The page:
Researchers at Edinburgh University who track the Scottish School Leavers Survey suggests it became easier to gain entry to advanced courses such as the Higher National Certificate and Higher National Diploma in the late eighties and early nineties.
The proportion of advanced course entrants with three or more Highers fell from 77 per cent in 1984 to 40 per cent in 1993. There was also a slight decline in the average Highers grade to a C pass. In contrast, most degree entrants continued to average B passes at Higher - the traditional pattern.
Teresa Tinklin and David Raffe, of Edinburgh's Centre for Educational Sociology, warn: "It may require a rigorous approach to the assessment of outcomes if the Government's aim to achieve wider access, while maintaining high standards, is to be met."
But Tom Kelly, chief officer of the Association of Scottish Colleges, countered that the apparent decline in entry standards was down to two factors.
"Before 1992, it was not possible for HNC students to get a student award. After that, numbers went up," Mr Kelly said. "You would take someone for the one-year HNC but not the two-year HND."
Colleges might advise students an HNC would be within their grasp but not HND, much less a degree, without further work. Previously they had to sign up for a two-year HND.
The period under study also coincided with a significant expansion in student numbers. Mr Kelly said: "Between 1991-92 and 1993-94, numbers of full-time higher education students in colleges went up from 12,000 to 20,000. There was a sharp increase in the numbers entering the one-year HNC and in the recruitment of mature students."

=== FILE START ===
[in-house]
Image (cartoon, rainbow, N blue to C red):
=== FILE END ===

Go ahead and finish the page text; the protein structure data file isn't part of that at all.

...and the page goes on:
He continued: "It does not mean that students' end qualifications have declined at all but it might mean the base of recruitment widened at that time."
The study also confirms the continuing existence of a class divide in post-16 education with students from middle-class backgrounds and with educated parents much more likely to continue their studies. The gap narrowed in the late eighties but remained significant in the early nineties.
Family background is strongly correlated with school attainment, the researchers reaffirm.
They state: "In 1993, for example, 48 per cent of leavers with fathers in non-manual occupations had attained three or more Highers, compared with 21 per cent of those whose fathers were in manual occupations."
Students from disadvantaged backgrounds were therefore less likely to apply to higher education and less likely to start courses they applied for. But entrants to advanced courses were recruited from a wider range of backgrounds. Leavers from less advantaged homes were more likely to opt for advanced courses than degree courses.
Students from independent schools were no more likely to enter higher education than comparable leavers from state secondaries but were more likely to opt for degree rather than sub-degree courses.
Differences across schools in rates of entry to higher education were explained by differences in qualifications and social background.
The most significant trend among leavers was the growth in participation. The proportion entering higher education doubled from 16 per cent in 1984 to 33 per cent in 1993.
Degree courses and advanced courses grew at a similar rate, with advanced courses continuing to account for more than a quarter of school-leaver entrants to higher education.
Curiously, although females left school with higher average qualifications, they were less likely to enter higher education. If they applied, they were less likely to start courses.
Scottish School Leavers Entering Higher Education is published by the Scottish Executive Education Department Research Unit.